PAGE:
And here's one which won't be causing anyone any more bother - except for having to drag its body out of the stream. Because I managed to plunge a sharp knife into my finger when doing something quite stupid on Saturday - stupid because I'd been thinking, this is really stupid, I could slip and cut myself really badly ... I didn't want to grab the pig with that hand, so could only drag it up onto a tiny stony beach in the stream and will have to get Stephan to come and pull it up onto the bank later.
This little toadstool's top was about the width of the end of a pencil - around 6mm or so. It was growing in an area from which Stephan cut firewood over the last couple of years, amongst the ground litter and grasses.
There are enough Pine trees around us to be able to find these from time to time. They're pretty before they get chewed by things. The Fly Agaric, Amanita muscaria, poisonous and familiar from lots of childhood picture story books. They are commonly found under pine trees.
Puff ball fungi are all around, in their various forms. If you pop them, the spores float out in a smoky-looking cloud. Presumably they ought not to be inhaled.
Another little red one, probably the same as the first I found today.
I chaired my first proper Kaitaia Vets Board meeting today, which was also the first for Beryl, our new CEO!
The three little bulls - all around 300kg. 96 has a very mucky rear; they're probably in need of some worm medicine.
Ranu 31's son is licking Athena 72's son, 97. 96, in the foreground, is the son of Damara 74, and is the bull I intend keeping to use in the herd. 97 is a slightly odd-looking animal, with a heavy head and low ears. I'm waiting to see if he's going to even out a bit. If he doesn't improve markedly, he'll get a late castration visit from the vet. I've been undecided about him for a while. He does come from a family of cattle whose heads are reasonably coarse-boned, and he looks a bit like a couple of his aunts, who turned into good animals.
Landcorp Takakuri, inland from Kaeo, had its second annual field day in the Beef Cows 4 Profit series. Last year's one was great, so we made sure we were free to go again.
The day was very cold, and when we all went out for the farm tour it was very windy and raw, so the tour was not quite as extended and relaxed as last year.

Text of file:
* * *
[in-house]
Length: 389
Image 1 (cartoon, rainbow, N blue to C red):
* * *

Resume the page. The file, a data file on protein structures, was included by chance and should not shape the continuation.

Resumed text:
But the morning's presentations and discussion, were very informative. Lots of data collected since last year was presented, showing how much progress had been made in identifying the causes of calf losses between pregnancy testing and weaning. The new electronic identification scheme for cattle will make data collection on these big farms far easier than in the past, and I hope they will continue to share their findings with the rest of us. Having access to the data from a large Far North Angus breeding herd farmed on Kikuyu in similar conditions to our own farm, is fantastic.
Professor Steve Morris from Massey University's Institute of Veterinary, Animal and Biomedical Sciences spoke about heifer calving management, cow efficiency and condition scoring of cows. Those are three of my key interest areas, although I still haven't got to grips properly with condition scoring - the assessment of indicative areas of a cow's body to determine her overall body condition. It's always a subjective measure and I fear that one's assessment may not be constant from year to year. That concern comes from my awareness that I became blind to the low condition of my cows in some years here, on which I've commented before when looking back at the photographs of those times.
I went out to the Back Barn and spent a couple of hours in the sunshine grooming cows, having bought a couple of replacement hard plastic grooming combs the other day - I think they're called curry combs. My last one disappeared, probably from the back of the bike when I was riding down a bumpy hill track. Maybe it'll turn up one day.
Stephan was out walking the boundary, clearing and re-baiting traps for stoats and rats.
Late in the afternoon I went out to the cows, calves and heifers in the Big Back paddock, and did some grooming there too. Here is Eva, with her tail beautifully brushed out.